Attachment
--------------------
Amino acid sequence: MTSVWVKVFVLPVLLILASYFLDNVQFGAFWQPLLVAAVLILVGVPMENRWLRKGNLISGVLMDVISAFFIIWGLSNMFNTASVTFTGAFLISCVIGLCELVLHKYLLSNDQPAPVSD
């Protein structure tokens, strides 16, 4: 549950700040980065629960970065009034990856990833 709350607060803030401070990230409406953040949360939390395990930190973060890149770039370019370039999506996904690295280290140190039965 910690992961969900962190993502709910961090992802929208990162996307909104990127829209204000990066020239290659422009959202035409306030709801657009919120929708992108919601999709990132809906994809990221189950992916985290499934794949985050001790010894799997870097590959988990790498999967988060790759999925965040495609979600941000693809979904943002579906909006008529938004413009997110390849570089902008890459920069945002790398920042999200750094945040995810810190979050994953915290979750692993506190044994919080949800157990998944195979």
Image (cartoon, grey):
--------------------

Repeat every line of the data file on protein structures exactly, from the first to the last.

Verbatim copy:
Amino acid sequence: MTSVWVKVFVLPVLLILASYFLDNVQFGAFWQPLLVAAVLILVGVPMENRWLRKGNLISGVLMDVISAFFIIWGLSNMFNTASVTFTGAFLISCVIGLCELVLHKYLLSNDQPAPVSD
């Protein structure tokens, strides 16, 4: 549950700040980065629960970065009034990856990833 709350607060803030401070990230409406953040949360939390395990930190973060890149770039370019370039999506996904690295280290140190039965 910690992961969900962190993502709910961090992802929208990162996307909104990127829209204000990066020239290659422009959202035409306030709801657009919120929708992108919601999709990132809906994809990221189950992916985290499934794949985050001790010894799997870097590959988990790498999967988060790759999925965040495609979600941000693809979904943002579906909006008529938004413009997110390849570089902008890459920069945002790398920042999200750094945040995810810190979050994953915290979750692993506190044994919080949800157990998944195979």
Image (cartoon, grey):